Cheering and Creativity

Do we cheer for true creativity?  Should we reserve our applause only for amazing creativty?

Like my sons before him, I cheer for my grandson Duke when he walks, feeds himself, and even when he poops — on a pot, soon his mother hopes.  Is that truly, wildly, earth-shatteringly creative?  No. 

Not yet. 

But still I cheer him, because he doesn’t cheer for himself, yet.  He will, hopefully, rise to internalize his cheering, take pride in his work, and come to know that what he has done is good enough when that is all it needs to be.

When my college and grad students give their two minute pitches, the rest of the class claps and cheers.  Do they clap because their ideas push the envelope of technology?  Are their business plans advancing the frontiers of applied science? 

Not yet. 

No they clap because they were all scared spitless as well, and are thrilled to survive the first pitch.  They have done something out of their comfort zone and survived.  Some even did very well. 

And so a subset of my students will continue to work with ideas.  They will appropriate technologies, combine ideas others had missed, extrapolate the principles of one application to another domain and make small advances.  Some, doing it for long enough will finally reach the frontiers of thought in some domains — and birth world-changing ideas.

Meanwhile, I will cheer for Duke at his first recital, first soccer game, and when he graduates from grade six, because that is what grandfathers do.  That is what a child needs to internalize accomplishment and hunger for more.  Then I will hand him over to other teachers, and they bloody well better encourage him, push him out of his comfort zones, and give him tastes of achievement and creation, because that is what good teachers do.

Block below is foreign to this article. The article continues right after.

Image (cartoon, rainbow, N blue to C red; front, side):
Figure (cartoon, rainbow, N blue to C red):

For all those years, Duke will first achieve what millions, and then thousands, and then hundreds, and then maybe only a handful of others have achieved.  Starting way far from any frontier, he will achieve and build, and move closer and closer to the frontier — be it the frontier in music, business, ministry or science — or family. 

My goal is to cheer for him, until he can quietly face the fears and uncertainties in building something new on whichever frontier he so chooses to build and flourish. 

Somehow, and I am biased, that makes me think you should cheer for him and all those like him as well, until they are at the pinnacle on the frontier and everyone else will join in to cheer.  Until then, way far back here from the frontier of true achievement, it is my job. 

On Being A Yankee Fan

On being a Yankee’s fan

When I was a child, my family sojourned from Texas’ sweltering coast out to New Mexico to a sprawling Baptist convention center called Glorieta.  It accommodated 3,000 people using a staff of retirees that oversaw a few hundred college students working for God and very little money. 

Some division of the Sunday School Board trained each week all summer and all held worship every night of the summer except Fridays.  My mother’s parents, my Mamma and Pappaw, managed various posts and spent their summers up there. 

A child from the Texas Gulf Coast wearing a sweater in July?  Climbing over boulders, chasing Horned Toads, seeing deer, and going rock hunting on afternoons to find mine tailings of white quartz interlaced with rose — these comprised as good a picture of Heaven as I needed to that point. 

And in the evenings I raptly listened to music from musicians around the country in choirs, orchestras, and an organ that shook my chest — except when Mammaw could get the Yankees on her little transistor TV with rabbit ears.  We hid out in her hotel room. 

Mammaw added her own coverage about Marris, Mantle, Yogi and the Boys of Summer like a school girl swooning at Elvis.  I watched a grainy four-inch screen where the diamond was easy to recognize, but Marris and Mantle looked like identical grainy twins.  How did she know which was which?

When the Yankees were ahead, all was marvelous.  When the world’s evil forces arose to thwart them, it drove my Mammaw to the closest swear word in her extensive vocabulary — “Bears!” 

So the Yankees, God, the Mountains, astounding choral and orchestral music all formed one seamless, living and breathing snapshot of Heaven for me. 

Fan for life.  That included Steinbrenner and Reggie, Mr. October, Jackson who came, and like summer faded in their times. 

And in this latest instantiation it included the Rocket, Pettite, The Captain, and Mariano Rivera, who along with others led a Bible study in that hallowed ground while quietly making others fan his career into the Hall of Fame.